Hello everybody, welcome to the Canon EOS-1D X Mark II Class. If you own, use or just want to learn this camera, this is the class that's gonna take you through all the buttons, all the features, all the menu options, and give you a whole bunch of advice on how to set this camera up and how to get the most out of it. We've got a big class ahead of us, and so let's go ahead and dive right on in to the good stuff. All right, so I've broken the class up into different sections. We're gonna go through a little overview to start off with. We're not gonna talk about too many basics. This is one of the challenging things making a class like this, because this is Canon's top of the line camera, and I'm assuming that most of the people who own and use this camera are gonna have quite a bit of experience, but I do know that a lot of people are kind of stepping up, and they move up to that top of the line pretty quickly, so we're gonna cover some of the basics, but we're not gonna dwell on them, ...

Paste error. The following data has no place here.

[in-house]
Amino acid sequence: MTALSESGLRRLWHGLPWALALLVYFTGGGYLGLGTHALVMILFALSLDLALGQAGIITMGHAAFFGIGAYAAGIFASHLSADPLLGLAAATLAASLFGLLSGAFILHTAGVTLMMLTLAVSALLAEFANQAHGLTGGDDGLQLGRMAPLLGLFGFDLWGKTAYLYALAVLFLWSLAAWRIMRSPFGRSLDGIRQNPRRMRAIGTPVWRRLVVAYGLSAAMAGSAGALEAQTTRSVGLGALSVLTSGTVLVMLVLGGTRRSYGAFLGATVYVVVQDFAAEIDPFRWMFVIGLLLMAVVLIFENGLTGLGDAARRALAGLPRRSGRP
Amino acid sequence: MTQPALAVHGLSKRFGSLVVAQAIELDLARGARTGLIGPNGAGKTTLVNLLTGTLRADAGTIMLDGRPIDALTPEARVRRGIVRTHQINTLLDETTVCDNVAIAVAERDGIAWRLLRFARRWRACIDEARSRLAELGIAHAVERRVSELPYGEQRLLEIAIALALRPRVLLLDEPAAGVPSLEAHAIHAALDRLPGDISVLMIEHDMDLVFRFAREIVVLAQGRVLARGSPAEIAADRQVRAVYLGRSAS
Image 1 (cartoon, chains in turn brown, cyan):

we're not gonna spend a lot of time on them. We're gonna move past them, and onto the more advanced stuff in the camera as well. So beyond that, we're gonna spend most of our time going through the camera controls on the camera, which is all the buttons and dials on the outside. We'll talk about everything that you have access to and what it does. The second half of the class, we're gonna go into the menu system, and there is a lot of items in the menu. You do get a PDF that you can download, and what I do, because I'm a very visual person, is I like to see the entire menu system on one page. That way I can look for features and I can just scan, and I can find it a little bit more easily than going up and down and back and forth throughout the entire menu system. And so, this comes with the class. I have this with my recommendations. I have another page that has just the menu without my recommendations, because I know you're gonna be making your own settings that are gonna be a little bit different than my initial recommendations. The PDF also comes with a recommended settings for different types of photography, which can be of some basic help for some people. But this is gonna be definitely handy in the second half of the class, and that's gonna be the whole menu functions. And then we'll wrap things up with camera operations where I give you some guidelines on how I would use this camera for different types of photography. For instance, portrait or action, or landscape photography. All right when you get this camera you get this big old hunking instruction manual that's gonna take you quite a bit of time to wade through. I expect this class to be a little over five hours in length, and so how is it possible that I can fit everything in that instruction manual into this five hour class? And the honest truth is, is I can't. There is just a lot of information in there. I have gone through it page by page, and I've tried to pull out everything that is really the most important stuff, and put it into this class. Hopefully in a very visual manner so it's very easy and quick to learn. There will be additional data that you might want to dive into in there. One area that we're not gonna spend a lot of time on in this class, I'll give you two areas we're not gonna spend a lot of time. Number one, we're not gonna talk a lot about flash photography. The camera does not have a built-in flash. You can of course hook it up to work with all of the other Canon flash units, and we will talk about those units, and a little bit of the controls that the cameras have with those flash units. Another area that we're not gonna go into is network communications. So if you're gonna be hooking this camera up tethered to a computer, and you want a full tutorial on how to use it tethered in the studio, we're not really gonna be doing that, and the reason is is because it's not how most people are using the camera, but it's also an incredible amount of information, and it probably deserves its own entire class. I will show you a little bit into what it does in that regard, and you will see that just when we peek in the doorway you're gonna see that it's a very complicated world in there, and so that's one area that we're not gonna spend a lot of time on. I really want to concentrate our time, spending our time on how to figure out how to use this camera to get the highest quality images out of it, and so that's kind of my main concern, and my main direction in this class. You will notice that I don't spend a lot of time talking about recommended shutter speeds and apertures for different types of photography in here, and that's because this is not a basic photography class. This is a camera class, where we're talking solely about this Canon camera. If you are interested in other photography classes, CreativeLive here has a bunch of classes, lots of them, almost 1,000 of them. I have several of them if you want a little three hour basic one, or a longer 27 hour class. I do have those, and you can find those at the CreativeLive catalog. All right, Canon. Canon is a pretty amazing photographic and technical company in many ways. They were started back in 1933. They started making their first SLRs back in 1959. They got a little bit more serious in 1971 when they came out with their first professional camera. And this proved to be pretty popular with a lot of different sports and photo journalists, and other professional photographers. And things really changed in 1987, this is really a big hallmark year for Canon, because that's when they introduced their auto focus, their EOS system. And, it doesn't really look that different than their manual cameras. Their T90 was a very revolutionary camera, but that was a film camera, and they changed it over to their EOS system. Brought out a whole bunch of set of new lenses, and that angered a lot of people, but they were really looking to the future. And so the modern cameras, like the 1D X Mark II can use lenses all the way back to those 1987 lenses. Granted they've gone through many improvements since then, and you probably want to be using the more current lenses, but it has a very long line of lenses that you can use from it at this point in time. And then their first digital camera came out in 2000, at least their first interchangeable lens camera. The D30, I remember this one very clearly when it came out. It was a pretty big hit, because it was only $3,000, and it had a full three megapixels to it. And, they've come a long way since then, but it's kind of neat to just walk through and see where they've been, and their progress over the years. So that's just my one minute of history on Canon history. And just for interest, the EOS-1D which was their first top of the line pro really hasn't changed much in style and form compared to the new 1D X Mark II. So one of the best things about having a Canon camera is that you are part of a very large family of cameras, lenses, and accessories. And so if you need a different camera that fulfills a different type of need, chances are they make it. They have tons of different lenses to address all your different needs. We will talk a little bit about a few of my favorite lenses for this particular camera, and they have an extremely good flash system. So for anything that you want to do with add-on flash, they have a very good system in that regard. So, the 1D X Mark II is their flagship camera. It is, it's kind of interesting, it's one of their lowest resolution cameras. In fact it may be their lowest resolution camera, just about their lowest resolution camera, but when it comes to overall features, build quality, it is their top of the line. Now, the top of the line camera has been going through a lot of changes over the generation. I kind of think of it going all the way back to their first EOS-1 film camera, so they made the 1, the 1N and then the 1V, and then they entered the digital age. And when they entered the digital age, they kind of found that they had split needs. They had sports photographers who wanted really fast frame rates, and they needed to work under low light conditions. But then there was another category of professionals that wanted a very high resolution, and so for quite a while they had two side by side flagship cameras that addressed these different needs. And then they decided to kind of combine them and it's a little bit closer to the faster sports action photojournalist type camera, and they dropped the version with the high resolution. And so the 1D X and the D X Mark II is kind of their new style going forward. If you want maximum resolution, you might want to look at the 5DS, and the 5DS R, because those have 50 megapixels, and if you're working in the studio or doing landscape photography, great camera. Not as weather resistant, not as well built as this camera. It doesn't have as many features, but does have more resolution. So this one does fit a particular need of photographers, and those people tend to prefer those. The extra size and the extra durability to it. And so, that's your lineup from the camera. Now as you get into the instruction manual you'll eventually come upon a bunch of pages warning you about things not to do with the camera. And I think they could replace pretty much all of that with just simple phrase of don't be stupid with it, because there's a lot of things that are pretty obvious with that. There are a couple of warnings that people do have questions on. Now the camera is classified as water resistant. It's not waterproof, which means you can't use it underwater. It just means that it's gonna do pretty well if you get caught in a rainstorm with it. Now if I was assigned to go shoot a football game, and I knew that I was gonna be outside for probably three to four hours in a heavy downpour, there's kind of like a 50/50 chance that the camera is gonna survive that in some ways, if it's a really heavy downpour. So if you know that you're gonna be going out in really terrible conditions, I would still recommend a rain cover system for it. If it's a moderate rain, you're probably gonna be good for quite some time, but one of the things you want to take a very close look at is what lenses are you using on the camera, and are those lenses weather-resistant, and how weather-resistant are those? And, it's not a simple answer that I can give you, because they have many different lenses that have many different levels of weather resistance. It's something that I do cover in a lens class about Canon lenses a little bit more closely. And, that is something that you need to pay attention to because that's where a lot of the problems are gonna come, and there's a lot of moving parts on lenses, especially the focus and the zoom rings, and the front elements moving back and forth. So, the camera itself should do quite well under a shower type condition, but there is a limit as to how long that'll protect your camera. Canon is also not liable for damage with non-Canon accessories. So of course they can't test the camera with every imaginable product that you might put on it, but they of course want you to buy their accessories. I'll be honest with you. But there are certain things that I would stick with Canon. For instance I would stick with the Canon batteries. I wouldn't play around with any of the other batteries. That's a very important connection on the camera. It's not gonna cause any problems, but I do prefer Canon flashes when it comes to on camera TTL type flash systems. I don't like to play around with other ones. It's gonna hook up and work totally fine in studio situations. It's got a PC sync, and if you're hooking it up to pocket wizards, or other types of strobe systems, that's not gonna cause a problem at all. Canon makes a lot of great lenses, but you know, these days there are some other pretty compelling lenses by Tamron or Tokina, and Sigma, and those are not gonna cause any problems with the camera. There are a few features that I will talk about where the camera is communicating with the lens, and if it's a non-Canon lens it won't be able to communicate that information. But those are pretty minor things, and if there's another lens that you really like, I say go for it. I'd have no problem using another brand of lens on the camera. All right, so let's make sure that your camera and my camera is ready for today's class. You want to make sure that you've charged the battery, it takes about three hours to do that. They do have a new battery system for any of you who've had previous flagship cameras from Canon, so we'll talk more about that when we get to the battery section. You're gonna want a lens on it, and it takes either the CF card or the CFast card. You can either have one or both in the camera. Go ahead and turn the camera all the way on. There will be a lock position, we'll talk more about that, but there's Off on the bottom and On all the way up to the top. And then the Program mode is set by pressing the Mode button and turning the top dial on the camera. And then pressing the shutter release, and make sure my camera here is working. And looks like we're getting good results here, and so if your camera is ready to go, let's get going with the rest of the class.